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EU happy with Polish rule-of-law reforms

01 Mar 2024 / rule of law Print

EU happy with Polish rule-of-law reforms

The European Commission has cleared the way for Poland to receive up to €137 billion in EU funds, after expressing satisfaction with changes made to strengthen the independence of the judiciary.

The commission said that Poland had fulfilled its pledge to strengthen important aspects of the independence of the Polish judiciary through reforming the disciplinary regime for judges.

This move released up to €59.8 billion under the EU’s Recovery and Resilience Facility (RRF).

Action plan

The EU body also found that Poland had implemented measures to ensure that there were mechanisms and arrangements in place so that the EU Charter of Fundamental Rights was respected by a range of other programmes to be funded by the EU up to 2027.

This allows the country access to up to €76.5 billion.

The commission also welcomed the commitment of the Polish government to address the EU’s long-standing rule-of-law concerns.

At a meeting last week, the Polish authorities presented what the commission described as an “ambitious” action plan to address issues raised by the commission under the article 7(1) procedure, which allows the EU to suspend certain rights.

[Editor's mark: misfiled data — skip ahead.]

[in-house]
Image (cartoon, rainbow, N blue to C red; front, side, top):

According to the EU body, the plan included “a clear affirmation” of Poland’s commitment to the respect of the primacy of EU law, and of the jurisprudence of the Court of Justice of the EU (CJEU).

Disciplinary chamber

Among the commission’s main concerns was the introduction of a disciplinary chamber for Poland’s Supreme Court. The EU body argued that this body’s independence and impartiality were not guaranteed.

This chamber was abolished and replaced by an independent and impartial court though a law adopted in 2022.

“The disciplinary regime has been reformed, and safeguards are in place so that judges no longer face a risk of disciplinary liability for the content of their judgments or for applying EU law,” the commission stated.

A new Polish government, headed by former EU Council President Donald Tusk, took office last year.

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